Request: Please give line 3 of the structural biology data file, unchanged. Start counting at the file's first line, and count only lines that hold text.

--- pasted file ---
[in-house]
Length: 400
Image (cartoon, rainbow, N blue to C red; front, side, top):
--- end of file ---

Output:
Image (cartoon, rainbow, N blue to C red; front, side, top):